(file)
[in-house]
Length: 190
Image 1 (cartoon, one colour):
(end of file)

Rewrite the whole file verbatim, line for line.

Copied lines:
[in-house]
Length: 190
Image 1 (cartoon, one colour):